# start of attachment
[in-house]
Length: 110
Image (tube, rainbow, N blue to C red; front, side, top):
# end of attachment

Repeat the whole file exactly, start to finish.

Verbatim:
[in-house]
Length: 110
Image (tube, rainbow, N blue to C red; front, side, top):